These are the key details to paying what you want for a property
A good purchase begins before you even start searching for the townhouse, apartment or country home of your dreams. It’s essential to have several key factors clear in your mind at the starting line, and carry them forward with you right up to signing the contract of your purchase.
Before beginning your house hunt, you should take into consideration the following to know what you can afford to pay, and how to negotiate something outside of your budget into your affordable zone:
Research the market
Supply, demand and the price of the house are all influenced by factors such as the economy and its current state, the financial state of the owners, access to funding or credit on both sides, and the legal situation regarding real estate.
When all these factors are favorable, sales move forward smoothly and quickly – mortgages are attainable and prices will rise according to demand. On the other hand, if these conditions are precarious, demand falls and so will prices, as well as the room for negotiating on the final price of the property. Inform yourself by following the news and official sources, speak to experts and study the market in the locations of your choice. The real estate market is always transforming and taking new shapes, so it’s important to keep up to date.
Identify your budget and stick to it
What you pay for the property is always up to you, because only you know what you can and can’t afford. Choose a budget that you can stick to and afford, that includes the price of the property, associated costs (on average, these come in at 15% of the sale price) and the cost of possible renovation and furniture purchases. When taking on a mortgage, always be certain that the monthly rate is within your financial means. We recommend never paying more than 30% of your monthly income.
Speak to your banker
Whilst deciding your budget, it’s wise to consult with your financial adviser to explore financing either through mortgages or other means. Make sure to explore all options so you can pick the one that suits you best.
The shorter the payback period of the financing the better, as you’ll pay less interest even those the installments will be higher. The bank will also likely offer you incentives for each plan, so study them and compare. And make sure to check the total amount of all monthly payments combined. Once you are fully informed, compare your banks offers with other banks. A mortgage is a big commitment, so make sure you understand it inside and out.
Location location location
Once you have your budget, choose you desired area. It’s important to analyse the local market as it might not fall in line with the general real estate market.
Check out the average pricing of properties which match your tastes, and find out if they’re selling quickly or if owners are eager to sell up and move on. The lower the demand, the higher your negotiating power.
Once you have found your ideal property, these are the factors that can help you what price you can get away with paying for it, and how to negotiate in your favour
Keep your emotions in check
Rash and irrational economic decisions can happen very often – they’re easy to make and can be very hard to avoid.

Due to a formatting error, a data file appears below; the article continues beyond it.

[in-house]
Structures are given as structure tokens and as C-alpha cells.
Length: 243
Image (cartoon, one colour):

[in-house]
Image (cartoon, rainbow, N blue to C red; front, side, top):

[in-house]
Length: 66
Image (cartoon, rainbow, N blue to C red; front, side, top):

Stay alert, especially when you “fall in love” with a property and you neglect aspects like your budget or whether it really satisfies all of your needs. Don’t act with haste, or let yourself be pressured by any of the involved parties. Keep your cool.
Buy at your price
Remember that you’ve taken your time to identify your budget and understand your ability to take on debts. Don’t stray from the course you plotted. It’s important to remember that a good deal relies on you holding your ground.
When you make your offer, start low so that you still have to reach your “ideal” price. This way you can negotiate without exceeding your budget from the get go.
Jump the psychological barriers
If you have the budget to buy a property worth €190,000, don’t limit yourself to looking at properties below €200,000. Some property owners will list their property at, for example, €210,000, but will be willing to sell it for less.
In the current market, many owners list their properties at up to 20% above the going market price. According to the previous example, you could end up purchasing a house listed at €210,000 for only €175,000.
In all negotiations, it is essential to have respect, trust and confidence in the other side, such as the agent/agency or the owner themselves. A positive attitude could be what sets you above other potential buyers for the property, whilst negative energy will yield the opposite results.
As mentioned earlier, emotions play a part in our decision making, both buyers and sellers.
Many stagnant negotiations can end up finding the end of the tunnel thanks to lateral thinking from either side. Maybe you’ve calculated €190,000 for the purchase and €20,000 to invest in the property – but the owner wants €200,000.
In this case you could suggest upping your offer if certain repairs or renovations are carried out – creating a “win/win” scenario: the owner gets their desired sale price, and you don’t break your budget.
All in all, it’s important to do your homework and keep a steady hand, never rushing into unknown waters. Keep your cards close to your chest whilst figuring out what the other person sitting at the negotiating table wants, and it’s within your power to get a great deal and play the market!